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Proc Biol Sci. 2018 Apr 25;285(1877). pii: 20180631. doi: 10.1098/rspb.2018.0631.

Sterols and stanols as novel tracers of waterbird population dynamics in freshwater ponds.

Author information

1
Department of Biology, University of Ottawa, Ottawa, Ontario, Canada K1N 6N5.
2
Paleoecological Environmental Assessment and Research Lab (PEARL), Department of Biology, Queen's University, Kingston, Ontario, Canada K7L 3N6.
3
Department of Biology, Acadia University, Wolfville, Nova Scotia, Canada B4P 2R6.
4
Department of Biology, University of Ottawa, Ottawa, Ontario, Canada K1N 6N5 jules.blais@uottawa.ca.

Abstract

With the expansion of urban centres in the mid-twentieth century and the post-1970 decrease in pesticides, populations of double-crested cormorants (Phalacrocorax auritus) and ring-billed gulls (Larus delawarensis) around Lake Ontario (Canada and USA) have rapidly rebounded, possibly to unprecedented numbers. Along with the use of traditional palaeolimnological methods (e.g. stable isotopes, biological proxies), we now have the capacity to develop specific markers for directly tracking the presence of waterbirds on nesting islands. Here, we apply the use of lipophilic sterols and stanols from both plant and animal-faecal origins as a reliable technique, independent of traditional isotopic methods, for pinpointing waterbird arrival and population growth over decadal timescales. Sterol and stanol concentrations measured in the guano samples of waterbird species were highly variable within a species and between the three species of waterbirds examined. However, cholesterol was the dominant sterol in guano, and phytosterols were also high in ring-billed gull guano. This variability highlights a specialist piscivorous diet for cormorants compared to a generalist, omnivorous diet for gulls, which may now often include grain and invertebrates from agricultural fields. A ratio that includes cholesterol and sitosterol plus their aerobically reduced products (cholestanol, stigmastanol) best explained the present range of bird abundance across the islands and was significantly correlated to sedimentary δ15N. Overall, we demonstrate the use of sterols and stanols as a direct means for tracking the spatial and temporal presence of waterbirds on islands across Lake Ontario, and probably elsewhere.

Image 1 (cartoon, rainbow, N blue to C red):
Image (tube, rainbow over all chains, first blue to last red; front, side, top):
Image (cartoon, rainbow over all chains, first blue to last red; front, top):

KEYWORDS:

cholesterol; palaeolimnological biomarkers; sitosterol; stanols; sterols; waterbirds

PMID:
29695442
PMCID:
PMC5936737
DOI:
10.1098/rspb.2018.0631
[Indexed for MEDLINE]
Free PMC Article

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